Reputation
4,388
Top tag
Next privilege 5,000 Rep.
Approve tag wiki edits
Badges
8 20
Newest
 Yearling
Impact
~65k people reached

Apr
21
comment Fundamental Theorem of Algebra for highschool
Nice proof, I hadn't seen this before. It's not so difficult to make precise right? What's the real reason we feel that a small wiggly contour near $a_0$ can't smoothly deform into a great big contour which looks like a circle centered at $0$ traversed $n$ times, without the contour passing through $0$? We're reasonably well motivated to define the winding number at this point.
Apr
21
revised Fundamental Theorem of Algebra for highschool
added 24 characters in body
Mar
8
comment Show that $ \lim\limits_{n\to\infty}\frac{1}{n}\sum\limits_{k=0}^{n-1}e^{ik^2}=0$
Sure. It's a nice question once you see it. Actually look for a power of 2 starting 7777777..., and to get this consider the sequence $\log_{10}(2^n)$ modulo $1$.
Feb
23
answered Linear independence over $\mathbb Q$ and $\mathbb R$ of subsets of $2^{\mathbb N}$
Feb
20
comment Show that $ \lim\limits_{n\to\infty}\frac{1}{n}\sum\limits_{k=0}^{n-1}e^{ik^2}=0$
For more than you ever wanted to know about question 4, follow the links at mathoverflow.net/questions/231606/…. However, I think this question is reasonable: 4'. Show that $\{z: g_n(\alpha)\to z~\text{for some}~\alpha\} = \{z: |z|\leq 1\}$.
Feb
12
comment Show that $ \lim\limits_{n\to\infty}\frac{1}{n}\sum\limits_{k=0}^{n-1}e^{ik^2}=0$
Actually not quite tangent.
Feb
11
comment Show that $ \lim\limits_{n\to\infty}\frac{1}{n}\sum\limits_{k=0}^{n-1}e^{ik^2}=0$
I wrote down question 4 thinking that the answer was going to be obviously the whole unit disk or obviously just $\{0,1\}$, or something like that, but actually I think the question is rather subtle! Let $L$ be the set. Then I can prove that $L$ is a closed, convex subset of the unit disk whose boundary touches the unit circle only at $1$ and is tangent to it there.
Feb
8
answered Show that $ \lim\limits_{n\to\infty}\frac{1}{n}\sum\limits_{k=0}^{n-1}e^{ik^2}=0$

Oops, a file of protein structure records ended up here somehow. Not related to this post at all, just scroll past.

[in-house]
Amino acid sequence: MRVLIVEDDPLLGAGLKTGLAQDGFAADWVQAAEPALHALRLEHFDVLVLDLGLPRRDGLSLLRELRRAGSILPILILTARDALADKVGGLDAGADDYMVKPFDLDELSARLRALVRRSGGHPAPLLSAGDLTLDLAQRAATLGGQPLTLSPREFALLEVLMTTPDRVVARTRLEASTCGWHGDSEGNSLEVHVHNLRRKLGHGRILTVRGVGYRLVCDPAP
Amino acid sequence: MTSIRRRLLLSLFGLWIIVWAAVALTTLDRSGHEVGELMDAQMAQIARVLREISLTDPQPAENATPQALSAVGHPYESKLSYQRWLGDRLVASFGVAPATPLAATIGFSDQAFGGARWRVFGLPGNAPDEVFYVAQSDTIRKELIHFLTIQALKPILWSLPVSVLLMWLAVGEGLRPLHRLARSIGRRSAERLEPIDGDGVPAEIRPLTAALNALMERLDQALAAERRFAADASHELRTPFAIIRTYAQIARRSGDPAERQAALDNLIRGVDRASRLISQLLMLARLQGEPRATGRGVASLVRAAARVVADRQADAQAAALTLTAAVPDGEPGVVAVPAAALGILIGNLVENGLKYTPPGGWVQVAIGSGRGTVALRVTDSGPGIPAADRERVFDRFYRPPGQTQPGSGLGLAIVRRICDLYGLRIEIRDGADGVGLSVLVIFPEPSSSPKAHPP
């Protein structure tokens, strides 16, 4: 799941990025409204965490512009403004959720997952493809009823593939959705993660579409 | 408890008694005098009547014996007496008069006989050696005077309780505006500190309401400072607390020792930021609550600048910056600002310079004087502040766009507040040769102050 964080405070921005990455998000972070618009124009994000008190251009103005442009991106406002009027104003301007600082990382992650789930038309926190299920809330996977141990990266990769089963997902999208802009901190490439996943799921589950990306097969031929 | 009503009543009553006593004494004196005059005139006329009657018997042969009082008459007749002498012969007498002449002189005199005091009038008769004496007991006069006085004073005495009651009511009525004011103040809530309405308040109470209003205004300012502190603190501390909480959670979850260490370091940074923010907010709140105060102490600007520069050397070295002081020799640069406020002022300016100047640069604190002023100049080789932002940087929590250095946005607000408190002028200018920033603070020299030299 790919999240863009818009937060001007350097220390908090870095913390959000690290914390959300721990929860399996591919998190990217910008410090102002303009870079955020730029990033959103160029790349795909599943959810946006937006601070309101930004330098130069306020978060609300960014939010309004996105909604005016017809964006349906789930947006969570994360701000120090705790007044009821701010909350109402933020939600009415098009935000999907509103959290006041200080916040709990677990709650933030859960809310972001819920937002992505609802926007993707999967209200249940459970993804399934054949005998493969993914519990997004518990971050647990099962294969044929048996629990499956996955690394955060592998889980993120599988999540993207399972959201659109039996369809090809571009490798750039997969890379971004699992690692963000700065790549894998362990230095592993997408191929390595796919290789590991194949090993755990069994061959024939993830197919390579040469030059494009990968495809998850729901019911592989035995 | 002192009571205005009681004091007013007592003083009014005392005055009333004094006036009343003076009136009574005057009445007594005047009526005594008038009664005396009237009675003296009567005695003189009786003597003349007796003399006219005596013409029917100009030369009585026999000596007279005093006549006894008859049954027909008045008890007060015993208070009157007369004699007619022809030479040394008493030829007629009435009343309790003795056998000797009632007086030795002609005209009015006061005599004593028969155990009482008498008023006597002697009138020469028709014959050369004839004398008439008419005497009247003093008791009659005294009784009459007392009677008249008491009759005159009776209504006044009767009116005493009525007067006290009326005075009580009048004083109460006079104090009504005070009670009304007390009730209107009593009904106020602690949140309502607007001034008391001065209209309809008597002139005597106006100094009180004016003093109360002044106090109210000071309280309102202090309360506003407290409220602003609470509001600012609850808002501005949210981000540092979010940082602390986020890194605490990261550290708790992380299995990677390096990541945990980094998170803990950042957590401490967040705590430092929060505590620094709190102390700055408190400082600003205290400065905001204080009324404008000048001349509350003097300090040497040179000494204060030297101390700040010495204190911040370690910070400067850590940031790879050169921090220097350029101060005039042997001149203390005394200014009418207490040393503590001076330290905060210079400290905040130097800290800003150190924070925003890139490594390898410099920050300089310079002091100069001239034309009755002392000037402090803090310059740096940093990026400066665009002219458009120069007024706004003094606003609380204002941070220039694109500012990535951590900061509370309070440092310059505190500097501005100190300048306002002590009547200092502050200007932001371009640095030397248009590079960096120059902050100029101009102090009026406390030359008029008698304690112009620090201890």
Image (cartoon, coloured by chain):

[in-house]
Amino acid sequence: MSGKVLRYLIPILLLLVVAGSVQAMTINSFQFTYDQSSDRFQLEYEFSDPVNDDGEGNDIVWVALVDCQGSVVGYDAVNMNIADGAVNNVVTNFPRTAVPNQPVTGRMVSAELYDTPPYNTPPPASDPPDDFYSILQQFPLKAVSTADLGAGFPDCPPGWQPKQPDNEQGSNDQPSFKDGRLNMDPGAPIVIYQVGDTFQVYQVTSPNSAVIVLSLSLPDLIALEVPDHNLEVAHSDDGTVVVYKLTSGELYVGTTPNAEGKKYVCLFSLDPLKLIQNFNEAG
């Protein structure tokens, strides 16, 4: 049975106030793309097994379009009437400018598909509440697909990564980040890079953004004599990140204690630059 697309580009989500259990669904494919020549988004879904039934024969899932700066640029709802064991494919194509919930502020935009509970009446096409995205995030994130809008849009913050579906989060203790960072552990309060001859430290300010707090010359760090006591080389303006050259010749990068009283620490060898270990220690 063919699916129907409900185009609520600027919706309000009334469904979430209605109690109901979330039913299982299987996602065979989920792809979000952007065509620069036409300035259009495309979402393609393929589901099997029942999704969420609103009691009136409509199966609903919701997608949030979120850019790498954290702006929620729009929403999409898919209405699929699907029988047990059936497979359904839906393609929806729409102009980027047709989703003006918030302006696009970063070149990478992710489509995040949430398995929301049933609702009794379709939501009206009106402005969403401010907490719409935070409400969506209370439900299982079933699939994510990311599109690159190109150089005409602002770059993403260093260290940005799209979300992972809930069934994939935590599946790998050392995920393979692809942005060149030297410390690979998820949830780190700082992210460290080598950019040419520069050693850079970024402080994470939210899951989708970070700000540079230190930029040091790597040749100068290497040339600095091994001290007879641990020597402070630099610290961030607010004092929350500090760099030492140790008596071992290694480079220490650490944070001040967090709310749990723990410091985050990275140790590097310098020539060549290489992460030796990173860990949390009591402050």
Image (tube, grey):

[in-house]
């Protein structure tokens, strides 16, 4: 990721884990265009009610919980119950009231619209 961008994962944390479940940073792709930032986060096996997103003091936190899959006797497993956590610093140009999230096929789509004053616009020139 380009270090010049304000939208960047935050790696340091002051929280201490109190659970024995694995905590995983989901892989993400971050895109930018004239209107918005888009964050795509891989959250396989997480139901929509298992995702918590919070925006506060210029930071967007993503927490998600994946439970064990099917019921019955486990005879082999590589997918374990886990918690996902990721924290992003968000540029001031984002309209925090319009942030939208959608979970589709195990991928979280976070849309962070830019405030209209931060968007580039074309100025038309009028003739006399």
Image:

Jan
27
awarded  Yearling
Jan
26
revised girth of Cayley graphs on abelian groups
added 14 characters in body
Jan
26
comment girth of Cayley graphs on abelian groups
Having put it that way, it's clear that the proof you link to has at least one typo. For example take $G = \mathbf{Z}/n\mathbf{Z}$ and $S = \{-1,0,1\}$. Then the Cayley graph $X(G,S)$ is an $n$-cycle, possibly with some double edges or self-loops depending on definitions, so there are no $4$-cycles. Maybe the identity is not allowed to be in a "Cayley set", but I don't think this is standard terminology.
Jan
26
answered girth of Cayley graphs on abelian groups
Oct
7
reviewed Approve Finding a probability on an infinite set of numbers
Aug
25
awarded  Nice Answer
Aug
24
comment How did author do this algebraic manipulation?
Write $D=(D+1)-1$ and expand.
Aug
22
comment The case of Captain America's shield: a variation of Alhazen's Billard problem
Sorry, of course that's 3 bounces.
Aug
22
comment The case of Captain America's shield: a variation of Alhazen's Billard problem
This is not the only solution for $2$ bounces, at least if $c$ is sufficiently large. Here is another one: If $c>1/2$ then rotate an inscribed equilateral triangle until it passes through $C$. Now fire along the triangle. This gives two further solutions which are not symmetric in the $x$-axis.
Aug
22
comment Trajectories on a circular billiards table
Here's another idea that your comment suggests: Consider rotating a regular pentagon inscribed in the unit circle. For every position for which this regular pentagon passes through $C$ we get a valid trajectory which returns in $5$ bounces. For $c<\cos(2\pi/10)$ we get $0$ trajectories in this way, but for $\cos(2\pi/10)<c<1$ we get $2$ essentially different trajectories. Similarly for a regular pentagram, with two other transition values of $c$ ($c=\cos(2\pi/5)$ and whatever the distance from $0$ to a vertex of the inner pentagon is). This doesn't seem to be the whole story though.
Aug
22
revised Trajectories on a circular billiards table
added 35 characters in body
Aug
22
comment Trajectories on a circular billiards table
@Tad Good point. I'm struggling to decide whether the cases $c=1$ and $c\approx 1$ are really the same, but already what you say shows that my paragraph starting "For small $n$..." is bogus, at least the "only if" parts.